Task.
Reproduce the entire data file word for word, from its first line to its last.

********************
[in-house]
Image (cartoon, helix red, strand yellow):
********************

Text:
[in-house]
Image (cartoon, helix red, strand yellow):